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I am starting geocaching and have a few finds already, but there is one cache near my residence that I could not find. I checked the logs and pictures, but I found no sign of a cache at ground zero.

Since I am a beginner, I would want to know some tips and tricks to find a possible hiding space and what I should be aware of during geocaching.

  • Check the sites history - are you the only having trouble finding it. Have there suddenly been a large number of DNF's. If your the only one with DNF, especially is someone found it after you could not, go back, if everyone is now reporting DNF, report it to owner. – user5330 Aug 23 '16 at 0:10
  • among the great answers listed below try and google some creative containers and "evil" caches. I have found caches in hollow fake bolts, a rock with a cork in a naturally occuring pocket, behind magnetic numbers stuck onto and electrical box and all sorts of things you may never think of. – Nate W Aug 18 '17 at 22:04
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I've been geocaching for 12 or 13 years. I'm no power cacher, but I do have a few hundred finds. But you know what? I also have a couple hundred no finds. Some may have been missing at the time, while others were found the very next day by someone else. A few I managed after a subsequent visit, but there are a small number that elude me to this day.

Sometimes the Force is not with you. Sometimes your Cache-Fu doesn't bring you answers. Sometimes the hide is just that tricky. What you have experienced is, in a word, normal.

With that said, the answer to your underlying question is hard to pin-point, but in general, look for something out of place, and remember that GPS accuracy can be as bad as 20 to 30 ft (6 to 10m). Here are a few examples:

  1. The most obvious one: a too-perfect-grouping of sticks. A single stick on the ground in the woods is just a stick. Even a pile of sticks can happen at times. But a gathering of sticks, all aligned in the same direction, leaned against a stump? That probably hides a geocache.
  2. Rocks. Rocks do not naturally pile together. A pile of rocks has a geocache underneath.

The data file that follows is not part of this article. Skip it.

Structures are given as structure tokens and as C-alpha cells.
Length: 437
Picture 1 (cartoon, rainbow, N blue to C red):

3. A pine cone in a maple tree. It might have fallen off a nearby pine tree. But then again, if there are no nearby pine trees, it might be a fake! Perhaps a cap screws off or something, and there's your geocache.
  4. A bird house without an opening for a bird to go into. Look for a hinged side or something, and the geocache within.

There are more I could list, but at some point I would cross the line into spoilers, and ruin the game for you. Good luck!

  • Thanks! I will use your advice on some future, more advanced caches. I do think the one near my house is missing. One last check before notifying the owner,☺ – Forrest M Aug 23 '16 at 0:13
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    Also bear in mind that: It could have been GeoTrashed (where someone literally steals it)... It could have also been badly replaced - you won't believe how many people put it back 'in a better spot' - check comments for these... Also bear in mind the time of year! I had a Find where a good 15 people before me had DNFs, why? Overgrowth... we found it in autumn and it was much easier to find! – Aravona Aug 23 '16 at 8:05
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Since you describe it as "near your residence", it's probably what is known as an "urban micro": a small, camouflaged container attached to something like a street sign or a lamp post.

  • We had one of those in a park, looked for it for months... it was a fake bolt on a bench, not geocache marked and right where other real bolts were – Erik vanDoren Aug 23 '16 at 12:38
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My friend often goes out with her sister who is the geocasher.
By looking in a different way, she often finds the ones her sister does not.

Going down on her knees (even belly) to look from the bottom up. Standing on tip-toe or climbing on available higher points. Reaching in narrow openings (be careful if there are dangerous snakes in your area) and by using a light or a magnet at the end of a stick.

Often it is not these tricks but just a fresh look at the place that cracks the problem.

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